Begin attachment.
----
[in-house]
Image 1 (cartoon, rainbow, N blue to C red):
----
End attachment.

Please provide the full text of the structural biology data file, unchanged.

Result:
[in-house]
Image 1 (cartoon, rainbow, N blue to C red):